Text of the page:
Creating an SPM build pluginPosted Friday, September 8, 2023.
As seen when creating a CLI in an artifact bundle, we made a CLI and packaged it into an artifact bundle.
In this post we are going to explore using this cli in a SPM build plugin to generate code/resources for us in another target. That target will then be vended as a library with the generated content.
The finished file structure of this package will look like:
We are choosing to store our
input.jsonin this package though that is not required
We will use
MyCLI.artifactbundle that we created previously as a binary target. Our
Package.swift will contain the following:
The binary target could be hosted and referenced by URL, but we are choosing to co-locate them for simplicity
Build Tool Plugin
In our build tool plugin, we will call our previously created CLI tool which will handle generating and writing content to the plugin working directory. This will create "read only" code and resources in any target that utilizes this plugin (in our case - the
On clean builds or if the contents of
info.json have changed, this build tool will run. Otherwise the contents generated from the previous run will be cached in DerivedData.
The arguments that we choose in
.buildCommand(...) are the arguments that our CLI requires (ie they match 1:1).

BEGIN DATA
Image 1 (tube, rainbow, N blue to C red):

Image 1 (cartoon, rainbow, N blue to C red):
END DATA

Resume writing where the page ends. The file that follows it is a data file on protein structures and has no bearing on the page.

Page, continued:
I would have thought that including only
[generatedPath, resourcesPath]for output files would have been good enough, but it did not work unless explicitly specifying the path of each created resource (
x.txt). Hence, we load the info data just to read which txt files will be written by the cli.
As specified in the CLI's command code, the generated swift code is namespaced under
Lets create a file in the
MyCoolLib target named
MyCoolType.swift with the following contents:
Because of the dependency of this target to the build plugin, whenever this target is built, we will have access to the generated code. So if the
info.json had the following contents:
We would expect the following:
MyCoolTypeshould have 2 static members
- Two txt files should have been written
hello.txtwith the contents
this is a greeting message
goodbye.txtwith the contents
this is a parting message
- the static members will read the message from the appropriate text file
Now we can do the following:
In a future post, we will explore how to use this for localization generation in an iOS application